Of course, bringing criminal charges after the fact does nothing to promote trust and transparency between authorities and community members; it does the opposite. But it is often what ordinary people call for. In the U.S., an employee at the Dartmouth-Hitchcock Medical Center in New Hampshire recently showed signs of possible coronavirus and was told to self-quarantine, but instead he went to a mixer at a crowded music venue. Three days later, he was confirmed as the state’s first coronavirus case and later a close contact of his became the second. The man was subsequently officially ordered by New Hampshire’s health commissioner to isolate himself at home, but questions remained on how to enforce directives to self-quarantine, as thousands of people across the country have been ordered to do. On Facebook, some people called for the coronavirus patient to be jailed, according to the New York Times.
Under New Hampshire law, a person who refuses to comply with a formal isolation order issued by the health commissioner is guilty of a misdemeanor. In other states, refusing to comply is a felony. But at the time of the mixer, the patient had not been diagnosed, and had merely been advised by a healthcare worker to stay home, so he was acting irresponsibly, not violating any laws. “You can’t bring criminal charges for being a bonehead or just not doing what you were told was advisable to do,” Wendy Parmet, faculty director of the Center for Health Policy and Law at Northeastern University, told the New York Times. “It’s not illegal to ignore the advice of your health care provider, or even the health department, until officials follow the particular procedures to issue a formal health order, and those procedures vary by state.” And it’s also bad policy. “We certainly don’t want people to think that they shouldn’t get tested because if they do, they’ll open themselves up to criminal liability, or a policeman at the door enforcing quarantine,” she said. “Those are consequences that deter testing, treatment and compliance.”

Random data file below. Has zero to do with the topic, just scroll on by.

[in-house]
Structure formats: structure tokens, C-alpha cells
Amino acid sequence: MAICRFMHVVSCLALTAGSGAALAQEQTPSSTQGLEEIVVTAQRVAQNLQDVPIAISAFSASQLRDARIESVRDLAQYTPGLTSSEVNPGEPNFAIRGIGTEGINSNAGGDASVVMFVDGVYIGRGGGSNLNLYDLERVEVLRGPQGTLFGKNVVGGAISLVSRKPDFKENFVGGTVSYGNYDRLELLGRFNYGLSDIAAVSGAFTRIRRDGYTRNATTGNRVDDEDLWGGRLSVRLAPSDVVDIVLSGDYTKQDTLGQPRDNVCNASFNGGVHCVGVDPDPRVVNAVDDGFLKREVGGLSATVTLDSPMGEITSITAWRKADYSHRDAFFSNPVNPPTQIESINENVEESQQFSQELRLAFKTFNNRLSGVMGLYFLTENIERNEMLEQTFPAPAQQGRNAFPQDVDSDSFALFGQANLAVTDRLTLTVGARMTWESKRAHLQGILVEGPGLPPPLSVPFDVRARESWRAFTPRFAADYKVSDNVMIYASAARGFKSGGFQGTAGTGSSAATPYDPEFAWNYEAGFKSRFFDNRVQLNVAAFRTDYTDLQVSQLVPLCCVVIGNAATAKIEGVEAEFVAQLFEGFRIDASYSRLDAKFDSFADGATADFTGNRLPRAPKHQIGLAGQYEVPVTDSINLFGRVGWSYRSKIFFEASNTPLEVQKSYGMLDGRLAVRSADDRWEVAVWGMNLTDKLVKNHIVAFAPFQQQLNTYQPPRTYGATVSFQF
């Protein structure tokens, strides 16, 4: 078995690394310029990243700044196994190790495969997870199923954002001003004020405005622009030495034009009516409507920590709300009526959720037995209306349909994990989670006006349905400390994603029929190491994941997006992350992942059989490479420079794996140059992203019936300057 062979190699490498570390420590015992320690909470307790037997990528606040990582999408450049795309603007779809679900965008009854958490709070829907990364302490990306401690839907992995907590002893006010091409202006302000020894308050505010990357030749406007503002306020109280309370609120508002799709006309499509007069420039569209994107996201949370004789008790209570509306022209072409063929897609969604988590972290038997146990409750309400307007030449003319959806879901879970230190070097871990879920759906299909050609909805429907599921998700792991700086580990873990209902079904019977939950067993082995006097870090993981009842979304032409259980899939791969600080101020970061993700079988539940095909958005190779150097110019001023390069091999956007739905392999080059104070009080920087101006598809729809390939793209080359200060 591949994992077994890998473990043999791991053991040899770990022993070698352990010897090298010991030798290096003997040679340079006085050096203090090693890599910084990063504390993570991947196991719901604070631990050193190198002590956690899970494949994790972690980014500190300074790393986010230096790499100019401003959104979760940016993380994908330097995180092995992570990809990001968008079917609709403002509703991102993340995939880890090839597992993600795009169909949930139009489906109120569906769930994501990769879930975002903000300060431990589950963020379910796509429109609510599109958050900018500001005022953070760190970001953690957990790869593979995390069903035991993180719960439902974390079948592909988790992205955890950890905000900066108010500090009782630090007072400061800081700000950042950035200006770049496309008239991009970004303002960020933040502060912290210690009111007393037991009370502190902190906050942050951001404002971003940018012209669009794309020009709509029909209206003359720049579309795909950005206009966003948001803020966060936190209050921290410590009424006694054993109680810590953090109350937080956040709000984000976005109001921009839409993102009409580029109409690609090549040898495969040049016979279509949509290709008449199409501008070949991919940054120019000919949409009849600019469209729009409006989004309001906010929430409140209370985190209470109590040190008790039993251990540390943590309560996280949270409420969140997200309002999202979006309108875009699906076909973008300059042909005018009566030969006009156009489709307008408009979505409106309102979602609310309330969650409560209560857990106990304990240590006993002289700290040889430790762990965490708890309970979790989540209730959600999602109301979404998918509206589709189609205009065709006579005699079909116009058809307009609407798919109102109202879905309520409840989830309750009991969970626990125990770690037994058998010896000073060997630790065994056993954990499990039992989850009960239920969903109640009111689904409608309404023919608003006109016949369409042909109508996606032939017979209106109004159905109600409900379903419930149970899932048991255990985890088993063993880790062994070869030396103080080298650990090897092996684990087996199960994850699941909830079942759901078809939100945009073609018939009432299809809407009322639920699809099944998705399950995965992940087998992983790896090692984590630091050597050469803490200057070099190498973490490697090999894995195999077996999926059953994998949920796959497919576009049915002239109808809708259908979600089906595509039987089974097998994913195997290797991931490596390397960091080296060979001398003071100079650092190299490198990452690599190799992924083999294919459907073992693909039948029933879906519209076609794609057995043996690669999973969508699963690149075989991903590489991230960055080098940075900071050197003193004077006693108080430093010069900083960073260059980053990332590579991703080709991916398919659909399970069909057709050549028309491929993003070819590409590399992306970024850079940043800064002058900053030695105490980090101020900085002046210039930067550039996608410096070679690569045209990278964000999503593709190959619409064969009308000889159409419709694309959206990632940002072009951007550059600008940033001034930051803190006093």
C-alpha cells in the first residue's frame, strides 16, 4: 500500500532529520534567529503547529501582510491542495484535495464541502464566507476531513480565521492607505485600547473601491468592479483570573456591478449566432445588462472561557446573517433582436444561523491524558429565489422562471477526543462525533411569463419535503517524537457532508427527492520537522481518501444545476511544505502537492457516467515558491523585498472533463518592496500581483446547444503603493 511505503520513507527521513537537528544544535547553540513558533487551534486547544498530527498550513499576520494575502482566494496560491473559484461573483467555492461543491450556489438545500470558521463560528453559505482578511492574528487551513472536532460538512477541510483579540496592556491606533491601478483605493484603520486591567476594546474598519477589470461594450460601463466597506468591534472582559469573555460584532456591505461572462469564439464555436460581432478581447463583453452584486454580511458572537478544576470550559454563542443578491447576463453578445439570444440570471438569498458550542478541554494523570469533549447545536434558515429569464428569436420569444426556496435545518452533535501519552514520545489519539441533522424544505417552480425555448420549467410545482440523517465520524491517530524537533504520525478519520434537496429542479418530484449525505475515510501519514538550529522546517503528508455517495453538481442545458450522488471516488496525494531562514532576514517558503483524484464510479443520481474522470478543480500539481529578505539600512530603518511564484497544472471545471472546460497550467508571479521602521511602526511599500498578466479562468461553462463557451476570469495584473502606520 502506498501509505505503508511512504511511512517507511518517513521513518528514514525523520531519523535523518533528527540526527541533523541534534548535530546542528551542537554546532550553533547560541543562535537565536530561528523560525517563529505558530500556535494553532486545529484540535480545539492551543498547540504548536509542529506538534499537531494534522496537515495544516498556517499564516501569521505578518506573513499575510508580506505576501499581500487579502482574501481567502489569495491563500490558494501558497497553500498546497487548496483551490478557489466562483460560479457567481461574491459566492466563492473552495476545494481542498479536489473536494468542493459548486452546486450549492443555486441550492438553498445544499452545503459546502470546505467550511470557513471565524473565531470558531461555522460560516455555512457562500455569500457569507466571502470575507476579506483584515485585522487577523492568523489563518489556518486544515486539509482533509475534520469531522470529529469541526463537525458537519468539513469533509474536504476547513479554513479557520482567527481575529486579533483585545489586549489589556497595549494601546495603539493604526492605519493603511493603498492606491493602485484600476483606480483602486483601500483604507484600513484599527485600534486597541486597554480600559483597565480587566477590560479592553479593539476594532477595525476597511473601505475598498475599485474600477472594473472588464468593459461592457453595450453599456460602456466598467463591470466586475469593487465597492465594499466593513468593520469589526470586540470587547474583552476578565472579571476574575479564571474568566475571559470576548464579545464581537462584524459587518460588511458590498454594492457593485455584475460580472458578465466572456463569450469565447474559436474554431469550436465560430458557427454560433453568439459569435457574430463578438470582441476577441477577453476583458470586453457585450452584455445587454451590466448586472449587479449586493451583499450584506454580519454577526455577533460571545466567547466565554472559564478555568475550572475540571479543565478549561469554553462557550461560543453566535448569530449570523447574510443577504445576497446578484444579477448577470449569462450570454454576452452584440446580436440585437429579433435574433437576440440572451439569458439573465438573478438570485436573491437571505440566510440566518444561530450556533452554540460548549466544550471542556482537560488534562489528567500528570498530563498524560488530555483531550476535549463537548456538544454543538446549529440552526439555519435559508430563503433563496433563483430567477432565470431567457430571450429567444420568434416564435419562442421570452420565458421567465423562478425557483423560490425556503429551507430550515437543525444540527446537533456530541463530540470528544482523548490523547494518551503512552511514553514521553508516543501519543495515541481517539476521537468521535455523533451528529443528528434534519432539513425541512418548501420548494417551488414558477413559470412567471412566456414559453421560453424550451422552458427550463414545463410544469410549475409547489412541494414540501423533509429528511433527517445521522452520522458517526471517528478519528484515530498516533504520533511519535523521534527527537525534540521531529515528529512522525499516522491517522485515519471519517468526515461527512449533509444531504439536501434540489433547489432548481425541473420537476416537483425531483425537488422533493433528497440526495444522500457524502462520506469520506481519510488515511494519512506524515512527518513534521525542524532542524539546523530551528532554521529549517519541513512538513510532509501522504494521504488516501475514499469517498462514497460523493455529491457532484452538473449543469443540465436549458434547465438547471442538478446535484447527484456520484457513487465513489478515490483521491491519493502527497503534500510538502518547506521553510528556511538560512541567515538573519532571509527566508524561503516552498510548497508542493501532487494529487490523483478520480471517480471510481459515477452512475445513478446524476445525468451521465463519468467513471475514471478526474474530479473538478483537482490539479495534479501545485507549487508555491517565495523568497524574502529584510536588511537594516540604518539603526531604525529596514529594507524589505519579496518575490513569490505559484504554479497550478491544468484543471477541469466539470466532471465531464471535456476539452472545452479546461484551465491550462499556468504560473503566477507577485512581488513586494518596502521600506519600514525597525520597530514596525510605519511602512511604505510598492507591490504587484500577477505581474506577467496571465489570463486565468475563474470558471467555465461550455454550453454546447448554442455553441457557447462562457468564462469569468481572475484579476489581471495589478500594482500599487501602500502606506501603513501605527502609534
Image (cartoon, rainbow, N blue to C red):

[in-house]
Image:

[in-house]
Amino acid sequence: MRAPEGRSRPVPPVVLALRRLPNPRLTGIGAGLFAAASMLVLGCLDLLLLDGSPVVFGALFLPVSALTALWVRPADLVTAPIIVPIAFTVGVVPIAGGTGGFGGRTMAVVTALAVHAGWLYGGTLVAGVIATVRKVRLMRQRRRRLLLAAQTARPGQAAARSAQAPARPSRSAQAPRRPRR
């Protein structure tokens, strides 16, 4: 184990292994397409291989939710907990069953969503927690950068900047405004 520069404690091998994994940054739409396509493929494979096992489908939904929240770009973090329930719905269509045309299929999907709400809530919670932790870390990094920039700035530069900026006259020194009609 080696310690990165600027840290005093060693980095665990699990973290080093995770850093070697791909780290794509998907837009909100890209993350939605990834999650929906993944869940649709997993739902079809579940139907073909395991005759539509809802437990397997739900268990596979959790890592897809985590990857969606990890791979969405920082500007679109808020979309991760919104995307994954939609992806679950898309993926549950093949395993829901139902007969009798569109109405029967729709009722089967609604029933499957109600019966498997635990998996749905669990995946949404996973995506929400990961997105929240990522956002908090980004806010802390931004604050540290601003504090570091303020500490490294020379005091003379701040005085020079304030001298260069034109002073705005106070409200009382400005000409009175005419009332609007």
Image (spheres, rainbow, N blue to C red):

When a St. Louis-area father and daughter attended a school dance while another member of their family was being tested for the virus, people made similar calls for them to be jailed. “Disparaging remarks made against the family on social media prompted police to patrol the family’s home,” reports the Washington Post. “Community members on Facebook expressed outrage at the possibility that the patient’s father ignored officials’ direction to self-quarantine, and some suggested the man should face legal consequences.”
“A person theoretically could be held civilly or criminally liable for transmitting the virus after disregarding a self-quarantine request, but Parmet said those consequences are unlikely,” reports the Post. “A lawsuit would have to show the infected person caused someone else’s illness and failed to take reasonable care.” In the strictest scenario, Parmet said, police can enforce legally binding quarantine orders, but an in-between scenario also exists in which government officials threaten to file a legally binding quarantine order but do not do so. Parmet added that criminal prosecution would be a bad way to make public health policy.